Nuclear is an integral part of today’s technologies, from crops and livestock to jet engines. CNA made this and other points this month in a submission to the federal government’s Science, Technology and Innovation Strategy Consultation. Our submission also looks at the economic case for public research infrastructure, whether in telecommunications, defence, agriculture, or nuclear. Check it out here.

Nuclear Policy

Kicking Off the Discussion for a Policy Exercise

By John Stewart
Director, Policy and Research
Canadian Nuclear Association

A policy development forum recently asked CNA to identify a few key factors that shaped the development of Canada’s nuclear industry. We came up with eight. They range from the Western allies’ war needs in the 1940s (which invested us in uranium-based fission reactor technology) to Canada’s advanced cultures of medicine, public health and safety (which give us a culture of reactor safety, leadership in medical applications of nuclear, and leadership in irradiation and food safety).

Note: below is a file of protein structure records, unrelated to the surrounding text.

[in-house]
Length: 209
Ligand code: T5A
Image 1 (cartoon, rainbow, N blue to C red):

The interesting thing about this analysis is how many advantages it reveals. Our industry faces challenges (notably cheap natural gas, lack of carbon pricing, and the problems of sustaining top-notch science and technology infrastructure). But the list of strengths is strikingly longer and more impressive than the list of challenges.

Even in a world where many reactor technology options are in development, it’s hard to beat a design series like the CANDUs that are familiar to regulators, with long track records of safety, reliability, and affordability. Then there’s the proliferation-resistance advantage of these designs, which is not diminishing and is probably growing as an asset in the 21st century. Canadian reactors offer the developing world an ideal combination of affordable, minimal-carbon electricity plus proliferation safety. And that Canadian nuclear brand is further strengthened by Canada’s reputation in safety, medicine and public health internationally.